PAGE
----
As the U.S. enters flu season, healthcare professionals are scrambling to answer an important question: What happens when COVID-19 and the flu collide?
Although it may seem like a cruel prank from mother nature, experts believe you can get the flu and COVID-19 at the same time. That means flu vaccine outreach and early treatment will be more vital than ever, especially within the most vulnerable communities. Groups such as Latinos, Native Americans, and members of the Black community all have a higher risk of hospitalization due to the flu and COVID-19.
Language Barriers and Access to Healthcare
In addition to racial and ethnic disparities in health risks, limited English speaking (LEP) patients face language barriers that prevent them from receiving adequate care. While 97% of doctors report having patients who don’t speak English, only 56% of hospitals offer linguistic and translation services. And that gap in language services extends beyond interacting with medical professionals.
- Inability to make an appointment over the phone.
- Trouble with registration and communicating with office staff.
- Difficulty understanding recommendations for treatment and follow-up care.
Medical Interpreters vs. Bilingual Staff
Although bilingual staff members make excellent additions to medical practices, they can’t always bridge the language gap. They may have difficulty conveying the meaning between two languages and may miscommunicate information, especially during an appointment. Medical interpreters, on the other hand, are highly trained linguists with specialized knowledge of the medical system. They help ensure patients and healthcare professionals understand each other, and that nothing is lost “in translation”.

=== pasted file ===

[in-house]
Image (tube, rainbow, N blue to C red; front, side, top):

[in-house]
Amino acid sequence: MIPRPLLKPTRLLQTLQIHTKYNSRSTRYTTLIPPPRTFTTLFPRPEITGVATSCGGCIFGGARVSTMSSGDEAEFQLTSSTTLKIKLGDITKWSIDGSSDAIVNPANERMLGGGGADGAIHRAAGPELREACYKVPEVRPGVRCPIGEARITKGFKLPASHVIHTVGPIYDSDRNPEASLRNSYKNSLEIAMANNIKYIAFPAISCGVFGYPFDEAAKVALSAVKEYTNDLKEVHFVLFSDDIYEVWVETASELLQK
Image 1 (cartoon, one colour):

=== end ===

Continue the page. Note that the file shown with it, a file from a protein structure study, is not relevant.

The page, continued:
The Benefits of Remote Medical Interpreting
Unfortunately, onsite medical interpreters aren’t always readily available. Academic Pediatrics found that many Spanish speakers faced long wait times or had to resort to hiring their own interpreter before an appointment.
Over-the-phone and video remote interpretation allows healthcare providers to connect with a medical interpreter within minutes. You can easily connect when a patient:
- Calls to make an appointment.
- Needs assistance registering or has questions for the office staff.
- Is undergoing a medical exam.
These remote options have the added benefit of allowing healthcare professionals, patients, and interpreters to practice social distancing. As patients turn to telehealth to treat minor ailments during the pandemic, remote interpreting allows LEP patients to access it as well.
A Note About Translation
Keep in mind that LEP patients may need documents or other healthcare information translated—in addition to a medical interpreter. Respondents to the Academic Pediatrics survey reported that receiving translated instructions for treatment and follow-up care was helpful.
You may want to translate brochures and other documents you typically give to patients to ensure they have all the information they need.
How INGCO International Can Help
Addressing the dual challenge of COVID and the flu may seem daunting, especially when you add linguistic barriers to the mix. That’s why INGCO International is here to assist with the language side of healthcare. We provide medical interpreting and translation services for healthcare facilities in over 200 languages.
Contact us today to discuss your language needs!